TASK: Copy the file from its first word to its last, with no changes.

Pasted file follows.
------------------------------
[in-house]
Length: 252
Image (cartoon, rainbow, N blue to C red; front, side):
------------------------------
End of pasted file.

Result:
[in-house]
Length: 252
Image (cartoon, rainbow, N blue to C red; front, side):